Dissecting the Role of SAG101 in Extracellular NAD(P)+-Mediated Immune Signaling





plant immunity, eds1, pad4, sag101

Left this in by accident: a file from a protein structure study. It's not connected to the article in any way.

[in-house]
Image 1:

Plants are the primary source of food for all animals, but they are often infected by microbial pathogens, which reduces crop yield and threatens global food security. Therefore, plants have evolved sophisticated defense mechanisms to fend off microbial infections. EDS1, PAD4, and SAG101 are well-characterized plant immune regulators. While the EDS1-PAD4 complex was proven to be necessary for extracellular NAD(P) [eNAD(P)]-mediated immune signaling, the function of the EDS1-SAG101 complex in this pathway has yet to be determined. This research aimed to determine the necessity of SAG101 in the process of eNAD(P) signaling. Our hypothesis was that SAG101 formed a complex with EDS1 to carry out a necessary role in eNAD(P) signaling. Arabidopsis thaliana T-DNA insertion lines SALK_022911C and SALK_030411C were genotyped, and SALK_022911C was identified as a sag101 homozygous mutant. NAD(P)-induced immune responses in the sag101 mutant were compared to those in the eds1 and pad4 mutants. Exogenously applied NAD(P) induced expression of the defense marker genes, FMO1 and ALD1, as well as resistance to the bacterial pathogen Pseudomonas syringae pv. maculicola ES4326 in sag101. However, this induction was completely blocked in eds1 and pad4. These results demonstrate that the EDS1-SAG101 complex is not involved in the eNAD(P) signaling pathway and supports the model that the EDS1-PAD4 and EDS1-SAG101 complexes function differently in plant immunity.


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